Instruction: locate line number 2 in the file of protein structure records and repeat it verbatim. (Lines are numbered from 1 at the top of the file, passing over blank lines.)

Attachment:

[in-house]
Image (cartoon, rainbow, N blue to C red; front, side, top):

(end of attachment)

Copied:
Image (cartoon, rainbow, N blue to C red; front, side, top):